The Universe and Me

Friday, April 06, 2012

I love Paris in the springtime

One of the best movies I've seen this year is last year's Oscar winner for best original screenplay: Woody Allen's Midnight in Paris. Tremendous cinematography created an ambiance that transports you there where you enjoy a tight, flawless script. Whether you want to suspend disbelief and think Gil/Owen Wilson truly time-traveled back to the 1920s or whether it was poetic license of the viewer gaining insight into his developing creativity, doesn't matter. The result was superbly lovely. And now one of my favorite Allen movies of all time. Since he's filmed around 41 movies, that speaks volumes.

The cast portrayed their characters so deftly that it seemed like being able to meet these great writers and artists from 90 years ago. Being a literature fan, I loved seeing Hemingway, Fitzgerald and Stein brought to life. Coincidentally, two days after watching this movie, a Jeopardy question/answer concerned a composer who lived in Paris in the 1920s. I'm shouting at the television "Porter! Porter!" but none of the contestants knew it. They should have watched the movie. Also coincidentally, it seems from my memory that in his later years, Dali was friends with Mia Farrow. Cue: it's a small world.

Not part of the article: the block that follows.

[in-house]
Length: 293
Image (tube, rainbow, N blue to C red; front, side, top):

Wednesday, April 04, 2012

Better off dead if you haven't yet died

A couple months ago, we watched Michael Moore's documentary "Capitalism: a Love Story." Agree or disagree with Moore, and there are plenty of people who do both (personally I like to do both at the same time), he always makes some jaw-dropping points. The previous post about FDR stuck in my mind. Another "what in the name of sanity?" moment was about how employers are taking out life insurance on their employees. If your company does so, you are worth far more to them dead than alive. Think about the implications. And then check Dead Peasants to find out how much your workplace may value you.

Monday, April 02, 2012

Life, liberty and the pursuit of happiness

On January 11, 1944, Franklin D. Roosevelt gave a State of the Union address and proposed a Second Bill of Rights. This included:

  • The right to a useful and remunerative job in the industries or shops or farms or mines of the nation;
  • The right to earn enough to provide adequate food and clothing and recreation;
  • The right of every farmer to raise and sell his products at a return which will give him and his family a decent living;
  • The right of every businessman, large and small, to trade in an atmosphere of freedom from unfair competition and domination by monopolies at home or abroad;
  • The right of every family to a decent home;
  • The right to adequate medical care and the opportunity to achieve and enjoy good health;
  • The right to adequate protection from the economic fears of old age, sickness, accident, and unemployment;
  • The right to a good education.

FDR did not live to implement these ideas. If anyone wants to pick this up and run with it, the entire nation would benefit from a touchdown.